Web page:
When it comes to protecting the lives of those who take part in water-related activities, there’s a factor regarding the Semiahmoo Peninsula that stands out – the number of women who sign up for the task.
The RCMSAR5 Crescent Beach unit counts six women among its 28 active members; a percentage more than double the 10 per cent average seen across the organization as a whole.
Regional RCMSAR operations manager Amber Sheasgreen said the female contingent per unit varies depending on the size and location of each station – some have no women onboard, while others have more – and also on whether administrative and support roles are factored in.
There are “a couple” other stations that, like Crescent Beach, fall into the 20 per cent or higher category, however, those are typically smaller units, she said. Delta has two female crew members, while in Richmond, three of the unit’s 34 members are women.
“I would say the 20% at Crescent Beach is a bit of an anomaly compared across the board. And in fact, a goal I would like to see achieved/exceeded at every unit,” Sheasgreen said by email.
There are 33 of the volunteer marine-rescue stations across B.C., only two of which do not rely on community fundraising. Eleven stations watch over the province’s southern region.
In addition to the six active female crew members at Crescent Beach, there are three women on the board of the Semiahmoo Peninsula Marine Rescue Society, which supports the station. One of those three, Kristen Gribble, wears both hats.
For Gribble, who also has the longest tenure at the station amongst its female members, the effort is about continuing a journey of learning, while giving back to the community.
“I feel that all of the members of our station have that same passion to help others and feel it is a privilege to do so,” she said.
Gribble, a teacher, joined the unit initially to assist with fundraising and event planning, but said she always had her eye on becoming one of the crew.
She acknowledged being part of the team is a “huge commitment” – following extensive training, volunteers are on call 24/7, 365 days a year – that comes with no financial benefit.
“But this ‘work’ is something different entirely,” she said.
“With each training experience, mission or event I become more enthusiastic and driven to try more, give more and learn more.”
While women represent “an extremely low percentage in the maritime and search and rescue sector,” she said it’s heartening to see that more programs and initiatives aimed at encouraging girls and women to think about such careers are being put into play.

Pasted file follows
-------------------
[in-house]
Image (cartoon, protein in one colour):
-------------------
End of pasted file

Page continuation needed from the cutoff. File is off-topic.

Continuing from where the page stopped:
According to the Achieve Anything Foundation (AAF) – founded by Langley woman Kirsten Brazier – marine search-and-rescue is among a number of fields where the gender is “drastically under-represented.” Aviation is another such field.
RCMSAR5 station leader Rona Tepper said one of her proudest moments was orchestrating an AAF event aimed at inspiring future women leaders to consider roles long perceived as reserved for men.
It brought 40 women from all different backgrounds to the RCMSAR5 station for a full day of hands-on training.
“We covered everything from knot tying to boat handling, first aid scenarios and running the de-watering pumps used when a vessel is taking on water,” Tepper said.
“It was so fulfilling to see everyone’s confidence build over the course of the day, doing something completely different.”
Tepper, a mother of three who devotes an average of 40 hours per month to RCMSAR5, was quick to climb the ranks of the Crescent Beach station. Within her first year of joining, she was nominated for the role of deputy station leader. Two years later, she took the helm, and is now in her second term with the title.
The hours are on top of the busy schedule she maintains overseeing multi-family construction projects. Tepper said leadership skills she learned with RCMSAR5 have helped her at work, too, including a tactic that teaches a person to think things through before reacting.
Surprise was certainly one of Tepper’s reactions when she and other RCMSAR5 crew members were tasked out during the December 2018 storm that wreaked havoc on the White Rock Pier.
She was out taking pictures of the king tide and windstorm in Crescent Beach when the call to assist came through.
“Before I even answered I said to myself, who on earth would be out on the water right now?!” she said.
With the bay too dangerous for the crew to respond by water, they were given a police escort to White Rock, where the Coast Guard advised them there were people on the pier, and it was collapsing.
As part of the shore crew that day, Tepper said it was “unforgettable” watching the rescue efforts of the Cormorant helicopter and local first responders.
Susie Inkpen is another key member of the Crescent Beach crew. A member since 2018, Inkpen is the organization’s in-house mechanic, responsible for maintaining the engines of the team’s two vessels.
Currently a marine mechanic at Bridgeview Marine in Delta, she has worked in the field for more than 12 years.
Other women on the crew include Shelley-Ann Campbell (six years), Anna Threlfall (eight months) and Melissa Reynolds (2.5 years), while on the society, Gribble is joined by Melanie Gaboriault and Sharon Delmonte.
Delmonte said it was an “easy yes” when she was asked three years ago to join the society – her husband was involved with RCMSAR5 for 15 years. Bringing a wealth of financial knowledge to the group, Delmonte said she admires the “enormous commitment” the volunteers make “to keep this community safe on the water.”
Gribble said it’s never too late for anyone to learn something new, or step out of their comfort zone by dipping their toes into something different – they just might discover a whole new love.
To get involved – active boat crew members must live within 15 minutes of the Crescent Beach boathouse – or for more information, visit rcmsar5.ca
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